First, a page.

An adapter uses time stamps for time-stamping incoming packets, and for sending packets at the correct time. When receiving a packet there is a delay from the time that a packet (frame) arrives and until the adapter time-stamps it. This delay is called the RX path delay. When transmitting a packet there is a delay from the time that the adapter releases a packet (frame) and until it is transmitted. This delay is called the TX path delay.
An application can retrieve the path delay from the driver. A path delay is an integer value in nanoseconds. The delay information may not always be available, and an application must be ready to handle that situation.
When delay information is available, the application can subtract the RX path delay from the time stamp in a packet descriptor to calculate when an incoming packet (frame) arrived at the port. When using global sync mode, the application can adjust for the TX path delay when calculating the value of the single TX clock origin.
To use the feature properly, an application must query the delay when the link speed changes, or a NIM module is inserted. The system provides suitable events for this purpose, see Detecting Link Speed Change or New NIM Module.
An application can use the information stream to retrieve the path delays for a port.
- The information stream provides access to path delays. An application must use the NtInfo_t structure and set the
cmdmember to NT_INFO_CMD_READ_PATH_DELAY command and the NtInfoCmdPortPathDelay_s command structure to retrieve the path delay for a port. The application should set the
directionmember to NT_PATH_DELAY_RX_DIR or NT_PATH_DELAY_TX_DIR to retrieve the RX and TX path delays, respectively. Section Example Program contains a simple example program that retrieves the RX and TX delays for port number zero.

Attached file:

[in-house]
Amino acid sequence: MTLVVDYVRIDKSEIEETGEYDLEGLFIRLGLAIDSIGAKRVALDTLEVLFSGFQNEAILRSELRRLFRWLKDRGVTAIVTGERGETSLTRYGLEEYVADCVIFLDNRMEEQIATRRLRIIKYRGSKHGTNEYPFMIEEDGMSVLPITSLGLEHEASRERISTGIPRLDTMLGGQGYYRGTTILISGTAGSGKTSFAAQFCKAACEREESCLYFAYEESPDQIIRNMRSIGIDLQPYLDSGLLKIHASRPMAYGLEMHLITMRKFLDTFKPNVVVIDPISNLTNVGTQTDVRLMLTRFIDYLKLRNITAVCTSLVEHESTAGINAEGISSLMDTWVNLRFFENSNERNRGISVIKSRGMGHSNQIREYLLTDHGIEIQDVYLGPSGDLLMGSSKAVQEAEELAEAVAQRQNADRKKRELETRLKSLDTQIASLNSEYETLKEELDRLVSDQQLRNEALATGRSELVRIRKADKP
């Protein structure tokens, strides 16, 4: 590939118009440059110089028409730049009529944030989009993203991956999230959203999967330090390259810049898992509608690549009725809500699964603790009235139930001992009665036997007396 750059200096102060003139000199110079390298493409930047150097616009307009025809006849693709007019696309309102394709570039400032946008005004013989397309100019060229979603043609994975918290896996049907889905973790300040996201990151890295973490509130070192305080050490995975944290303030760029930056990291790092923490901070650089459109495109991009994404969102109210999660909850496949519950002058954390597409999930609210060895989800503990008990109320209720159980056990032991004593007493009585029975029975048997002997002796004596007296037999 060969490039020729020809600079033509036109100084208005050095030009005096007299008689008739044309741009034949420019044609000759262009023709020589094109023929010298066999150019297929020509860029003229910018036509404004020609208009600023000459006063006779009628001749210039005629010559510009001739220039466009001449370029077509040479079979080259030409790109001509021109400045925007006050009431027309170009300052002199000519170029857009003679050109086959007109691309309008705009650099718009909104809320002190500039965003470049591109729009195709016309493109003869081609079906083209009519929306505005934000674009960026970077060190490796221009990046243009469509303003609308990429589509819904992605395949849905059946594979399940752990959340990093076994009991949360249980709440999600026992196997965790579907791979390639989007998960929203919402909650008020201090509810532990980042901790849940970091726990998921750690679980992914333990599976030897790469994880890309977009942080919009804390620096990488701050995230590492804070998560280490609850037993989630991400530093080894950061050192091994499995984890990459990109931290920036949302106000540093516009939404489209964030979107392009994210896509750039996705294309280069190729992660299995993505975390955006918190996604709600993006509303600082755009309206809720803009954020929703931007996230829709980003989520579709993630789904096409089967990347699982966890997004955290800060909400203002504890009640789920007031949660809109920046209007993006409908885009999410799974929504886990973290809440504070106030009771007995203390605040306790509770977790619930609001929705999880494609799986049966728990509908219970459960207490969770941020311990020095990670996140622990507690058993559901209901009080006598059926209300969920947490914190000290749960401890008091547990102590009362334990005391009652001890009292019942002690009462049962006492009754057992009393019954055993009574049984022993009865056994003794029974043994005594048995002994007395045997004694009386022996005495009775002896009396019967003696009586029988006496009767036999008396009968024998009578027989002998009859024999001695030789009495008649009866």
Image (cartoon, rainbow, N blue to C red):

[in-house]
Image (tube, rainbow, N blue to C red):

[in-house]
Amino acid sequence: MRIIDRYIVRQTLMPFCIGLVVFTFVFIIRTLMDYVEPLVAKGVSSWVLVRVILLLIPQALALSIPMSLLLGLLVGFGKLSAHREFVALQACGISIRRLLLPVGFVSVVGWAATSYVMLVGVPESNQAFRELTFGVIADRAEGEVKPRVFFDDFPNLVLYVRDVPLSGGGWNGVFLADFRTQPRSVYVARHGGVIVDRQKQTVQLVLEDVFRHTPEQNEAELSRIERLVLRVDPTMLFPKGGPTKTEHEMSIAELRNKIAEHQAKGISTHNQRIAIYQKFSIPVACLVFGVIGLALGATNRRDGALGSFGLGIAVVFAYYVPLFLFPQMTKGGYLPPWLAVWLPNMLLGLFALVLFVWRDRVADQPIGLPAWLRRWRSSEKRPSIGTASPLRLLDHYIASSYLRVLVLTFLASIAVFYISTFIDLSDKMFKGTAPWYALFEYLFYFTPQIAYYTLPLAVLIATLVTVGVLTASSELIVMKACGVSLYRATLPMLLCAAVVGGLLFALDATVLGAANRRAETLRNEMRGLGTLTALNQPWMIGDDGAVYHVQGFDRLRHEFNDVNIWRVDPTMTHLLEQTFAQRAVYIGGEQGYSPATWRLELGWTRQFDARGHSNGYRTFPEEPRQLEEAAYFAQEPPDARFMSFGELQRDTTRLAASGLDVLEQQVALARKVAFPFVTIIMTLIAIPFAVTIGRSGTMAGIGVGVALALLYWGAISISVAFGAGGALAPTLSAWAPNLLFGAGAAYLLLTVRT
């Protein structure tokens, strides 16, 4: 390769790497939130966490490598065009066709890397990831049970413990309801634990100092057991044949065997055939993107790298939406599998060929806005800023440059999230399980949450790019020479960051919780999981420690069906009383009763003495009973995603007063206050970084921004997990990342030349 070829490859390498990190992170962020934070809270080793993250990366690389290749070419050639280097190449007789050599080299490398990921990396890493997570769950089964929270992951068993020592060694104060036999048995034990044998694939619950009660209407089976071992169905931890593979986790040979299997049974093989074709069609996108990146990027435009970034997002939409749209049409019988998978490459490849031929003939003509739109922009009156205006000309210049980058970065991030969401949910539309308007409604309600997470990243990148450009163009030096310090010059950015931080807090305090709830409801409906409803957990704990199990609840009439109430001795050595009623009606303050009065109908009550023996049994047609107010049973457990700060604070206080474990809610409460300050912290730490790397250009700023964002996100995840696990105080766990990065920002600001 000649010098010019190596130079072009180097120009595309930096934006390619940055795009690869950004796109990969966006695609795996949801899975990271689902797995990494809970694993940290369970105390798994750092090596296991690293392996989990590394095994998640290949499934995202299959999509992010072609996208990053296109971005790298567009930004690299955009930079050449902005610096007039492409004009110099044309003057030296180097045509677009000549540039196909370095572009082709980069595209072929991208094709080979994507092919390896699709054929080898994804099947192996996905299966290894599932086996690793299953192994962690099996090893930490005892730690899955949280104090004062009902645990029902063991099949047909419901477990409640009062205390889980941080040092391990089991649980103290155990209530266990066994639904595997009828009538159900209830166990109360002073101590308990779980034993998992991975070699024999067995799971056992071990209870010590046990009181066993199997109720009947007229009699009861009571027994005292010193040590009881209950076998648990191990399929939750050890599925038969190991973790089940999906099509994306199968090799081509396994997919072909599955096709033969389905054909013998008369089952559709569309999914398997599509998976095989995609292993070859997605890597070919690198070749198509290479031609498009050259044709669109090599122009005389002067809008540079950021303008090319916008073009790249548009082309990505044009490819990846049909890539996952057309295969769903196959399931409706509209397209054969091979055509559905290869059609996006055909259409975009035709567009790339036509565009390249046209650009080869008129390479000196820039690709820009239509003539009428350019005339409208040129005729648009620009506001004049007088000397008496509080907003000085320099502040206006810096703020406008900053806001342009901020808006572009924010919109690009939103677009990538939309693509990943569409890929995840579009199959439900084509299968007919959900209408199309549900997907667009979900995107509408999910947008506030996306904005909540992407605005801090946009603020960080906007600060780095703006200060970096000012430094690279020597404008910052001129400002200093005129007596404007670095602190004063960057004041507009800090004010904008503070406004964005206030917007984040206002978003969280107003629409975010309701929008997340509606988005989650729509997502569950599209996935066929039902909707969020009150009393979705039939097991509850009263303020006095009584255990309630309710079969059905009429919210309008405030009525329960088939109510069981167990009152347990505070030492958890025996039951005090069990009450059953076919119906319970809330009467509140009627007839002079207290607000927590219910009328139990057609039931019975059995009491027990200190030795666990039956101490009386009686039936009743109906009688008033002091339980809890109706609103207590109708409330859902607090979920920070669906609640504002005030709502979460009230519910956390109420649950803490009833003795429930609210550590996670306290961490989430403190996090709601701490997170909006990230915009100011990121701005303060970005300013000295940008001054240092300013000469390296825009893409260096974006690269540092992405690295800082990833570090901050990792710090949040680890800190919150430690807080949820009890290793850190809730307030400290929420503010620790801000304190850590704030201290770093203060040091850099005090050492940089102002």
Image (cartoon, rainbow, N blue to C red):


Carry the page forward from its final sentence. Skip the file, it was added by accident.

- RX and TX path delays are kept separate in the API. This means that an application cannot retrieve both types of delays for a given port at the same time.
- The API returns a delay value and a status code via the NtInfoPortPathDelay_s structure. The member
statusprovides the status code, and the
memberis the returned delay. The status code is an enumeration NtPathDelayStatus_e that indicates whether the delay value is valid. The returned value is an integer, which is the path delay in nanoseconds.
- The returned delay is a single value that is the sum of the adapter and the NIM module contributions, or in some cases only the adapter delay without the NIM module delay. An application must use the status code to interpret the delay value correctly. Section Path Delay Status Codes describes the meaning of the return codes.
- Status code NT_PATH_DELAY_SUCCESS means the link is up, and the driver has recognized the adapter/FPGA and the installed NIM modules. The returned delay value is the sum of the adapter and NIM module delays.
- Status codes NT_PATH_DELAY_LINK_DOWN and NT_PATH_DELAY_NOT_SUPPORTED mean the delay value is unavailable. If the staus code is NT_PATH_DELAY_LINK_DOWN, an application may try to retrieve the delay value later, or it can catch the NT_EVENT_PORT_LINK_UP event.